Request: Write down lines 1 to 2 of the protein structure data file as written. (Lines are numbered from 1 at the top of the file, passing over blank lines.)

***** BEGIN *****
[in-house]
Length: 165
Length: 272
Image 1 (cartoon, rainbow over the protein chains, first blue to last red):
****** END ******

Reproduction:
[in-house]
Length: 165